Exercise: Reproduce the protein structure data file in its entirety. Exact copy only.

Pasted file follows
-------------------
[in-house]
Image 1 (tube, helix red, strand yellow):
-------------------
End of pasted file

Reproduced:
[in-house]
Image 1 (tube, helix red, strand yellow):